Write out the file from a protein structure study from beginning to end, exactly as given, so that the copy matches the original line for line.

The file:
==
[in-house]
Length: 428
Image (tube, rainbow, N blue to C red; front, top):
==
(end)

[in-house]
Length: 428
Image (tube, rainbow, N blue to C red; front, top):